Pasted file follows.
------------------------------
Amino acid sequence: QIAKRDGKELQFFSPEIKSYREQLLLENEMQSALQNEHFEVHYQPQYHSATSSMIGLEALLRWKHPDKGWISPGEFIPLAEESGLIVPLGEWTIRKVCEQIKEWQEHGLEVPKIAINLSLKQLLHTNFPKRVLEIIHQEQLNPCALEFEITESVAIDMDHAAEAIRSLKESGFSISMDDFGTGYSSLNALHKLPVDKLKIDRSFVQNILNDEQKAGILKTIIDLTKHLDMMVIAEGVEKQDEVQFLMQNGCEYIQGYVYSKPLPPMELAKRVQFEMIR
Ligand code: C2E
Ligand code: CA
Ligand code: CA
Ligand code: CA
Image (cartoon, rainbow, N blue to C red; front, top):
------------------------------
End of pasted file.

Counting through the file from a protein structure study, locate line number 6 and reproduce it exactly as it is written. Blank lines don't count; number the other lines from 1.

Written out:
Image (cartoon, rainbow, N blue to C red; front, top):